Miss Edith Weart, outstanding New York woman chess player and author of "The Royal Game for Children," pays weekly visits to bed-ridden children in the cardiac ward of the Bellevue Hospital and teaches them many new "tricks" on the chessboard. All the "students" treasure the red and white Bellevue Chess Club button - a reward for mastering the fundamentals. In the girls' ward, previously accustomed to seeing movies on Fridays, now is the centre of chess activity on that night; they are just a pleased and excited about the Royal Game as about "Donald Duck! Peter, a ten-year old in the boys' ward, tells the story of this chess program in the Bellevue children's newspaper: "On Friday the chess lady came to play chess with us and I played good. I played with the toy lady and she won one and I won one. On Monday she came again and learned us a new trick but I surprised her because I knew it already. I learned it from her book."
Here is Edith Weart losing after a strong fight to Adele Rivero:
An example of Weart's writing and one that hearkens back to the historical period in which she played a major role is her memorial to Caroline Marshall from "Chess Life and Review," June 1971:
Edith Lucie Weart died in January 1977 at age 79.
Willa White Owens
In the 1950s women's chess was covered mainly by Willa White Owens who, as noted above, was the Ohio women's champion. It's not quite clear when Willa White Owens first won the Ohio women's championship, but she held it throughout the early 1950s.
Willa White Owens (White is her first married name; Owens, her second married name; I couldn't find her maiden name) was born on April 13, 1910 in Ohio. Most of her life remains a mystery to me, but I know she had 4 children, Linda (b. 1942), Carolyn (b. 1941), Robin (b. 1937) and Harold (b. 1933). Her first husband died in 1948. She married her second husband, Ross Owens, in 1950. She had learned to play from her first husband around 1937 and met her second husband at a chess tournament. I was unable to determine when she started playing competitively but she did play a lot of chess at home, almost every evening, with Ross. She said they played to see who would wash the dishes and that her husband developed into a quite experienced dish-washer. As a competitive player, she was rated class "A."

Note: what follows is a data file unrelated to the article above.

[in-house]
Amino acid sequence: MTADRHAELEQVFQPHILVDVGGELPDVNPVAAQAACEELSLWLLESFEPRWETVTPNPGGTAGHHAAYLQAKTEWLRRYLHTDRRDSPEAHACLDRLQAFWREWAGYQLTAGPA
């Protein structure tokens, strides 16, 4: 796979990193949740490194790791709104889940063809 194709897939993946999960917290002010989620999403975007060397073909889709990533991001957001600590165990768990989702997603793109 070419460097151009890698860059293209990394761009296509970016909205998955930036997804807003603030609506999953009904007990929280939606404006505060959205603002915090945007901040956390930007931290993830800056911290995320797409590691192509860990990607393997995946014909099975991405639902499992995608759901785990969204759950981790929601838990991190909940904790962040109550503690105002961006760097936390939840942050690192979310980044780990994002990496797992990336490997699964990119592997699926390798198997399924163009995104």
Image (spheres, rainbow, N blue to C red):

Bill Wall informed me that he knew Mrs. Owens from his tenure as president of the Ohio Chess Association and that during a vacation she took in Florida in 1998, she visited the chess club that was meeting in Books-a-Million in Melbourne, Florida and engaged in some games with Mr. Wall who also interviewed her. She would have been 88 at the time. Two of the casual games are shown below.
Willa seldom published her own games except in a self-deprecating manner as her notes in these loss against Jackie Piatigorsky and Walter Blackburn show:
Here are two game (both losses, one inflicted by indomitable Gisela Gresser, the other by the sometimes-brilliant Mary Selensky) from the 1954 U.S. Women's Championship:
Willa White Owens died at age 93 on March 26, 2003 in Waynesburg, Pennsylvania.